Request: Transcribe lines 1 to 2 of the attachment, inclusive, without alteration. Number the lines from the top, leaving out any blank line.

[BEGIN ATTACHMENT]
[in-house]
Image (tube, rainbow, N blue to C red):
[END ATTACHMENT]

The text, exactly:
[in-house]
Image (tube, rainbow, N blue to C red):